THE surest way to fail in politics is to forget the simple laws that we must all obey. Not the ones passed by the Legislature, Congress or even this week's version of the City Council, but the laws that really govern us, like the law of gravity.
Law of gravity
also applies to
"What goes up must come down" is the first law being explored by island politicians. Right now Richard Wong, who served longer than anyone else as Senate president, and Henry Peters, perhaps the most dominating personality to ever serve as speaker in the state House, have found that not even their political connections could save them from being bounced from the Bishop Estate board.
For Wong, who survived by canny coalition-building, and Peters, who relished a "take-no-prisoners" autocratic style, the court ruling means an end to their political power.
With apologies to Newton, that is not the only law of physics being forgotten.
Right now Gov. Ben Cayetano and the state Senate are testing the law that for every action there is an equal, opposite reaction.
After listening to Cayetano tell the public the Senate was in the middle of a "do-nothing legislative session," the senators decided what they wanted to do was spike Cayetano's most controversial cabinet appointees, Attorney General Margery Bronster and Budget Director Earl Anzai.
The actual fight was more complicated than that, but in the end, it was a decision to declare political war with the chief executive.
Right now, the Senate is waiting to see the governor's reaction.
One would be to start chopping senators' favorite parts of the budget. But that would mean taking away construction projects and other goodies also endorsed by House members, who have been generally supportive of Cayetano.
A more logical reaction would be to find candidates to run against the offending senators.
That is something the Senate is expecting. But before Cayetano can attack, the Senate has one more crack at Cayetano during the 2000 legislative session.
Anyone betting on statesmanship?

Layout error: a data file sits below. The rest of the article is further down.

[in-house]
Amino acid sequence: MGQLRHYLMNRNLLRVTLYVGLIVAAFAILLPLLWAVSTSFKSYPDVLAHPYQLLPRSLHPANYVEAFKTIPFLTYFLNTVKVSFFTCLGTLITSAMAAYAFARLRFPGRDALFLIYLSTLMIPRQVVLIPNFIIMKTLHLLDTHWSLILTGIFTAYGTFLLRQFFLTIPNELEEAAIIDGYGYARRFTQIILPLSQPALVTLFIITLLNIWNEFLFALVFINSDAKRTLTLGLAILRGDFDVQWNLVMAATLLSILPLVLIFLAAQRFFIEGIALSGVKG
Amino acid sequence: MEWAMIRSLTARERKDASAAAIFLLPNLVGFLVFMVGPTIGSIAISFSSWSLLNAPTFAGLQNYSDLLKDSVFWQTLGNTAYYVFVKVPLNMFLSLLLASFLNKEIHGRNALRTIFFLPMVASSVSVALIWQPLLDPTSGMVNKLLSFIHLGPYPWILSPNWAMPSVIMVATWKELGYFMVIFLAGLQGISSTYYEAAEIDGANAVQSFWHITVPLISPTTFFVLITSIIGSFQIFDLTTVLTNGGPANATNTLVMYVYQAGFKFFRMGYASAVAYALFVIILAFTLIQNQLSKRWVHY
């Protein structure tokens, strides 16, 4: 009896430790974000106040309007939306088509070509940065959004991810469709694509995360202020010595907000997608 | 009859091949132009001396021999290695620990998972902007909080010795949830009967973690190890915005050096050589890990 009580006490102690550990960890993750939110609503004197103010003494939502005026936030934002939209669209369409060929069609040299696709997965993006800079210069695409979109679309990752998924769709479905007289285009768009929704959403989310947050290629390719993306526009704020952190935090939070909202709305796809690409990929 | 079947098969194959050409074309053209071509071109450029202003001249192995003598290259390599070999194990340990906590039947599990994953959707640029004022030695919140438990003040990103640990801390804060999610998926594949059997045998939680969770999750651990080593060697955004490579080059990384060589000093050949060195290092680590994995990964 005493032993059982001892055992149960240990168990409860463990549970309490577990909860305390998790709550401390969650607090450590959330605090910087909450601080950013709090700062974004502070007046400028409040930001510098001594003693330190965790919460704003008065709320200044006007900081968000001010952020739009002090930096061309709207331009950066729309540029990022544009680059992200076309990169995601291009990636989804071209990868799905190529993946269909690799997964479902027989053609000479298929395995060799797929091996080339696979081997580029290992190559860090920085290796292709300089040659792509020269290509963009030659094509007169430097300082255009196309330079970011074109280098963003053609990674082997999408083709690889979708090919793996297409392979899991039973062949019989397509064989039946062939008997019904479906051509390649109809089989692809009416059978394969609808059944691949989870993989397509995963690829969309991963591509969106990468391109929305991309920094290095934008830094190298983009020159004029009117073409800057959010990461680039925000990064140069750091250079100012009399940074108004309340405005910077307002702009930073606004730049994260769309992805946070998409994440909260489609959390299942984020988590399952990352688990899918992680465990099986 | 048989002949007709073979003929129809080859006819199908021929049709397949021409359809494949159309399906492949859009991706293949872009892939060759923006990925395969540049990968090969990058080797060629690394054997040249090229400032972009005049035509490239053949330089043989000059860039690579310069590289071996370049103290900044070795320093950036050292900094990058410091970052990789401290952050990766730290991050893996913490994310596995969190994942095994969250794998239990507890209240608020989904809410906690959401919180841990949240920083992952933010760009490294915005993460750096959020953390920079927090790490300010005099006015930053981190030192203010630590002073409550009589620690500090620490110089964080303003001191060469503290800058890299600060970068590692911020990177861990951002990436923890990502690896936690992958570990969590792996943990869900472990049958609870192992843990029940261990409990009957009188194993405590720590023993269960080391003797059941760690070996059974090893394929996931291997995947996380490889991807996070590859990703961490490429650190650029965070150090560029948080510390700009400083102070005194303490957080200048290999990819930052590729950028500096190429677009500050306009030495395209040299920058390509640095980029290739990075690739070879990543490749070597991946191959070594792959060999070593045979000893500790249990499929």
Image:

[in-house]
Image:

FINALLY, here's the rest of the story on campaign contributions. In a recent column about the big campaign expenditures racked up by incumbents in off-election years, I mentioned that City Councilman Duke Bainum had spent about $600,000 in the four years preceding his victory last fall.
Not so, Bainum said. Actually it was more like $400,000. But the Campaign Spending Commission counted a $200,000 loan repayment from his 1994 campaign as an expense in 1995.
How so? It actually is by design in order to make the books balance out, explains Brian Nakamura, with the Campaign Spending Commission.
He says the loan came from Bainum and when he forgave the loan the money would "reappear" in his campaign report as a surplus if it was not taken as an expense in the last election.
So if a candidate lends himself money and spends it, it is recorded as an expense and a loan or deficit. But when the loan is forgiven, it has to be included as a contribution, according to Nakamura. But if the contribution doesn't have an equal deduction as an expense, it would incorrectly appear that the candidate has a surplus.
Another reason why state campaign spending laws need to be revamped.
Hawaii Revised Statutes
Richard Borreca reports on Hawaii's politics every Wednesday.
He can be reached by e-mail at firstname.lastname@example.org